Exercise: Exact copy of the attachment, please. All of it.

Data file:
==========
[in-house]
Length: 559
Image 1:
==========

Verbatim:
[in-house]
Length: 559
Image 1: